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with the repeating digits of $\frac{1}{19} = 0.052631578947368421$ we can construct an exceptional magic square :

The number 19 is a cyclic number with a period of 18 before the digits start to repeat.

The full term decimal expansion of the prime number 19 when multiplied by the values 1 to 18, may be arranged in a simple magic square of order-18, if the decimal point is ignored. All 18 rows, columns and the two main diagonals sum to the same value. S = 81. Of course this is not a pure magic square because a consecutive series of numbers from 1 to n is not used

example of order 18

Are there other numbers as well 19 and 383 that can be used for making magic squares in such way ?

is it proved that in base 10 only 19 and 383 have this property ? , what is for higher orders ?

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    $\begingroup$ Your link (or a slightly more helpful version) says the next base-$10$ value that works is $383$ $\endgroup$ – Henry Jan 24 '14 at 8:12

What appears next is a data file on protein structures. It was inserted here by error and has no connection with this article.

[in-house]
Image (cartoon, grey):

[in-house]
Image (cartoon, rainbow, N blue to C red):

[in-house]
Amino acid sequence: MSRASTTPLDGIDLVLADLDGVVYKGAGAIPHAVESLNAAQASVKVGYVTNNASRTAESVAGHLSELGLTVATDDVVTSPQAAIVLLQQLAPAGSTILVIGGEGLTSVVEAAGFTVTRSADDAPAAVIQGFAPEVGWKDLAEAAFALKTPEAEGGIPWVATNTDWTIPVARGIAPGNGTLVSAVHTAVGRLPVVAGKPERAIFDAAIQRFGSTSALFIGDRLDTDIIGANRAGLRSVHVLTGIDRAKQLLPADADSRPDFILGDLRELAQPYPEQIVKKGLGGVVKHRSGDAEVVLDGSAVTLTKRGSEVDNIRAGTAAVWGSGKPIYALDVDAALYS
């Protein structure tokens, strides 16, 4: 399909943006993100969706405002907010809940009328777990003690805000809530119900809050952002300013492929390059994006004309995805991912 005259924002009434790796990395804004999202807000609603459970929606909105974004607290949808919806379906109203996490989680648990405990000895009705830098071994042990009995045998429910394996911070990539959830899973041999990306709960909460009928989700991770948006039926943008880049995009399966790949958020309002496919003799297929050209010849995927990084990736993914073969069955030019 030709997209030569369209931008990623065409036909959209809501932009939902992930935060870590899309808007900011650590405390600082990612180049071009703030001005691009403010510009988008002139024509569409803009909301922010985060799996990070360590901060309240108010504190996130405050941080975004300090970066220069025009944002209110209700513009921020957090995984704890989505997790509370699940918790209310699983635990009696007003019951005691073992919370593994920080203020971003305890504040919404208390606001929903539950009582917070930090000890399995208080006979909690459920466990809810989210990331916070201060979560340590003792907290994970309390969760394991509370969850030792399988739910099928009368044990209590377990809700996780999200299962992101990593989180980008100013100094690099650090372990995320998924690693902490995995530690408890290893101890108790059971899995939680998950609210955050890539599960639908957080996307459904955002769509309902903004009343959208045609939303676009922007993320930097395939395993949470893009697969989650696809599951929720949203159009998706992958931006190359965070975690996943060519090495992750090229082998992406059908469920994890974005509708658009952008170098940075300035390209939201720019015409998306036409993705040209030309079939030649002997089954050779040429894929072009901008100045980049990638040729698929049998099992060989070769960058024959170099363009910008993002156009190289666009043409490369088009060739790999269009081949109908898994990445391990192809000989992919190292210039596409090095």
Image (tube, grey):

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    $\begingroup$ What you're saying is that (1) the periods of the decimal expansions of the numbers $n/19$, $1\leq n\leq18$ are all of length $18$, (2) if we therefore place these expansions each on their own row, we get a square of side length $18$, and (3) this is a magic square. Is that right? $\endgroup$ – Jack M Jan 24 '14 at 10:02
  • $\begingroup$ you are right @JackM ! $\endgroup$ – Fereydoon Shekofte Jan 24 '14 at 13:31
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The numbers that work are tabulated at the Online Encyclopedia of Integer Sequences, where some references to the literature are given.

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  • $\begingroup$ thanks @Grry Myerson this is the definitive answer . $\endgroup$ – Fereydoon Shekofte Jan 24 '14 at 13:55

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